And the organization’s overwhelming electoral focus has led it to take its eye off the ball when it comes to the new waves of struggle. For example, while its members have joined the Black Lives Matter protests, DSA as a national organization and most of its chapters have not played a prominent role in the movement.
Joseph Daher: How is the Left in the USA positioning itself for the presidential elections?
Ashley Smith: The November presidential election is not what the Left and DSA expected. Many if not most wrongly expected Sanders to win the Democrat’s nomination. Now, DSA and the Left face the unappealing and classic trap of an election between a right wing Republican, Trump, and an establishment Democrat, Biden, who’s committed to restoring bourgeois norms through a government of national unity.
Faced with this “choice,” the Left breaks down into three predominant currents. First, the liberal left is all in for Biden with varying degrees of illusions in his program. Some are fooling themselves into thinking he will be as progressive as Sanders claims while others more soberly are voting for him in full recognition that he is a neoliberal capitalist but the only way to get Trump out of office.
On the socialist left, the main current is one that accepts the traditional position of lesser evilism—of voting for the lesser evil to stop the greater one. The best of this current is promising to campaign and vote for Biden and then fight him on day one, while others are sowing illusions that having Biden in the White House will make it easier to win progressive reforms.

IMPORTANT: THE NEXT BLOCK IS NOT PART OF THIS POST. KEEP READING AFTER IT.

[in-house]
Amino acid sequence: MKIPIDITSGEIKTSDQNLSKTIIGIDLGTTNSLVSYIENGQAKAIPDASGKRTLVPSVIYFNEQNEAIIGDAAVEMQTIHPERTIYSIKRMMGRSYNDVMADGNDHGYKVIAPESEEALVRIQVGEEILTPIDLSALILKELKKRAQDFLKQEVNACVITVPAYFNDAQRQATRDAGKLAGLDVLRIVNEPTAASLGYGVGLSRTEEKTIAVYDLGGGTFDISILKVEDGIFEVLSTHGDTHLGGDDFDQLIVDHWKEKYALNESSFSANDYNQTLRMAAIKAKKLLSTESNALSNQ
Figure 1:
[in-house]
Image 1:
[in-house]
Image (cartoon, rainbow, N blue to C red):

A small current of revolutionary socialists, which I’m part of, argues against both these positions. We contend that you cannot fight the greater evil by voting for the lesser one for three reasons. First, once the Left accepts the choice and lines up behind the lesser evil, we get taken for granted and our demands ignored.
Second, if and when the lesser evil wins, the Left that has supported that evil will be tempted to cooperate with it in office, some even going so far as to join the administration, and others that remain outside giving it a honeymoon hoping it will deliver reforms. That leaves the far right as the only opposition.
In that case, the Left will be tempted to defend the administration, completing the Left’s cooptation and neutralization. Meanwhile the lesser evil in power will cut deals with the greater evil. Biden has made a career of making just such rotten deals.
Third, campaigning for the lesser evil is not an individual decision but a collective one with enormous consequences. If the Left backs Biden it will aid and abet the bureaucracies that control the unions, social movement organizations, and NGOs in redirecting activist’s time, money and energy from building struggle to fight for what we want into campaigning and voting for what we don’t want—a neoliberal lesser evil.
DSA as the main organization of the Left has all these currents inside it. It is barred as an organization from endorsing Biden by the “Bernie or Bust” resolution it passed at its last convention. But members of some of its caucuses are actively campaigning for Biden and many if not most of its leaders and members will individually vote for Biden however much they distrust or despise him.